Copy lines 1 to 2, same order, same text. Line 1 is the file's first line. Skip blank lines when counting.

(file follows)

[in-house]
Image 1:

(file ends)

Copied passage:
[in-house]
Image 1: